How many stay with their partner out of grief or out of sorrow? “I don't want to hurt you, let's try to see if we can rekindle the flame”, many think.

Learning to be broken up is essential to make the breakup less painful as possible. Giving the relationship a chance isn't a bad idea, but when the partner expresses his discontent on several occasions, why force the situation? Why stay with someone who doesn't want to be with us?


Psychologist Ana Doménech (1994) states that the end of a relationship is “a stress factor that affects the well-being of the person, especially if he refuses to break away from his partner. But what is hiding those who do not want to be left? ”.


Obstructing the end of the relationship can be a symptom of a sick attachment. If we put our happiness in our partner's hands, we will feel terrified of losing him. Nevertheless, fortunately, our happiness depends more on ourselves than on our partner, even if sometimes we are not aware of it.

Attachment breeds suffering; from attachment fear arises. For those who are free there is no suffering or fear. "

-Buddha-

Alzugaray and García (2015) argue that “rarely both partners agree on the end of the relationship; in principle, one of the two is still in love, while the other is not, so you have to consider the emotional mechanisms that follow a breakup like a real mourning ".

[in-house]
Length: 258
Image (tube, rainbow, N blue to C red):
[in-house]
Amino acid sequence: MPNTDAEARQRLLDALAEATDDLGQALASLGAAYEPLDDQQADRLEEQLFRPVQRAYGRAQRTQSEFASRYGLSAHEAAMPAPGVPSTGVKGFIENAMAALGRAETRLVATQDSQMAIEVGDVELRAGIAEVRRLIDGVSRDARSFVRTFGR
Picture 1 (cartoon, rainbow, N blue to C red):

Acceptance phase and learning to be alone

Not knowing how to end the relationship may want to represent a strong attachment to the other person. Can also indicate that we do not know how to be with ourselves, and this may be the result of a deep fear of being alone. But how to deal with the moment when they tell us they no longer want to be with us?


Trying to fight for the relationship can work in some cases, but when the other person does does not want to continue, you have to accept the situation and learn to be alone. It's time to take advantage of that point and back to start over with ourselves.

If we look at the object of our attachment with a new simplicity, we will understand that it is not the object of desire that makes us suffer, but the way in which we attach ourselves to it.

-Matthieu Ricard-

Acceptance is an active process and aims to integrate everything that happens and, based on this, make decisions. There are events that we will be able to control and others that will escape our control.


When our partner expresses intention to end the relationship and there is nothing we can do about it, the situation is no longer under our control. The best thing to do, therefore, is to accept it.

As desperate as we are, begging not to break up is an option to be avoided. Forcing a relationship involves malaise, so in addition to accepting its end, we must also learn to be alone. Nobody belongs to us.

As much as we think our partner is "ours", in reality he is a free person, who voluntarily chose to stay with us. And here, just as he arrived by free choice, she can choose to leave just as freely.